EDF explain how Air Source Heat Pumps work
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The funding is the first phase in Stream 1 of the Department for Business, Energy and Industrial Strategy (BEIS)’s Heat Pump Ready programme. Heat Pump Ready, BEIS said, “supports the development of innovative solutions across the heat pump sector. “Heat pumps are a key solution for decarbonising homes and will be critical for meeting the UK’s commitment to achieve net zero by 2050.”
Heat pumps are devices that work like a refrigerator in reverse, moving heat from the air or ground outside a building to its inside, through the circulation of a refrigerant.
In the case of an air source heat pump, for example, thermal energy from the atmosphere — while it may be colder than the air inside the building in question — is nevertheless warm enough to cause the liquid refrigerant to evaporate into a gas.
This gas is then passed through a compressor, which increases the pressure of the gas and causes its temperature to rise at the same time.
The heat from the gas can then be used to warm up the building, while the refrigerant cools and returns to its original, liquid state, allowing for the process to begin anew.
According to BEIS, Stream 1 of the Heat Pump Ready programme aims to foster innovative, optimised solutions for delivering the most cost-effective and high-density deployment of domestic heat pumps.
It is hoped that the programme will provide insights about how heat pump installations can integrate with energy networks, supply chains and approaches to engage with customers.
Each of the eleven projects selected presented methodologies aiming for an improved, “hassle-free” experience for consumers and cost reductions through coordinated heat pump installations in a high-density of buildings.
Funding for the projects is being awarded using the Small Business Research Initiative approach — with the Heat Pump Ready programme, part of the Government’s £1 billion Net Zero Innovation Programme, expected to have two more £20million award streams.
The eleven projects selected for Stream 1 will be implemented in locations including Bristol, Oxford, Newcastle and Sunderland — and run by organisations including E.ON, Samsung and EDF.
Heat Pump Ready Newcastle, for example, will see areas of the city with the capacity for large-scale heat pump roll out targeted for installations, while also helping Northern Powergrid identify areas where the city’s electricity infrastructure may need upgrading.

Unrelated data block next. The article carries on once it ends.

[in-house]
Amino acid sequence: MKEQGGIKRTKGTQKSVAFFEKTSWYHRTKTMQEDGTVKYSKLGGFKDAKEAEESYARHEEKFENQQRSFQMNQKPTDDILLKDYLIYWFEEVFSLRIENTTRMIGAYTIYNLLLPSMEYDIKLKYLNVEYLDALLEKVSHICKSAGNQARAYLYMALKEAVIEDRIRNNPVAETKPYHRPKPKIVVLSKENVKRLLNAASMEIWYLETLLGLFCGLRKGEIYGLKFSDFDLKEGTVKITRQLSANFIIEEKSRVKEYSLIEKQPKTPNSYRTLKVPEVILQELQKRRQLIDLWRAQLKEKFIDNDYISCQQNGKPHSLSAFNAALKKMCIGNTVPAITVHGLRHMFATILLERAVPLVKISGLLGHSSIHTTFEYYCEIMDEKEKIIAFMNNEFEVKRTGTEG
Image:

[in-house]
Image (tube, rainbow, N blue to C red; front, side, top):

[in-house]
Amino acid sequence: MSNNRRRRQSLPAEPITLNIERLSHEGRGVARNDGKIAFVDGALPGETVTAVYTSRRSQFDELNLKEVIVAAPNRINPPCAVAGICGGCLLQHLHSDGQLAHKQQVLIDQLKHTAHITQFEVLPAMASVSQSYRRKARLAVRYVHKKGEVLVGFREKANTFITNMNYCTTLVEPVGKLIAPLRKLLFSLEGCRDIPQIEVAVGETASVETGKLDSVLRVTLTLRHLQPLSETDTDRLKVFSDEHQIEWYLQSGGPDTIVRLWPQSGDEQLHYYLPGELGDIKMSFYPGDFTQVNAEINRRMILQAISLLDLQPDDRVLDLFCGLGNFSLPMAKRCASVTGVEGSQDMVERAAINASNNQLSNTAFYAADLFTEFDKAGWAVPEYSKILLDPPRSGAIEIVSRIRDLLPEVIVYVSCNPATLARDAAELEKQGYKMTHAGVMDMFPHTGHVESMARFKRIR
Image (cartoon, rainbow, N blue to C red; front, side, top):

Project leader E.ON has innovative solutions to help remove barriers for consumers to install heat pumps, BEIS explained.
They added: “The project will conduct future surveys using drone and laser scanner technology to create a digital twin of a customer’s home and garden.
“This approach serves to massively reduce the surveying time and disruption to a customer’s day, as well as offering right first-time data capture, improving accuracy of heat pump design and specification for customers.”
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In Greenwich, meanwhile, Element Energy has been awarded nearly £200,000 for their “Thermal Infrastructure Motivating Electrification”, or “TIME” project.
This BEIS explains, aims to overcome the capital cost barriers of ground-source heat pumps.
They explained: “This will be achieved by harnessing the power of networked heat pumps distributed on a shared ground array.
“The project explores the potential to decouple the up-front capital cost barrier of the ground side installation from customers via financing in a manner similar to how existing domestic services are funded.
“And [it] aims to develop a methodology which would enable consumers to replace their boiler with a networked heat pump in a way that is simple to understand and adopt, with minimal household disruption.”
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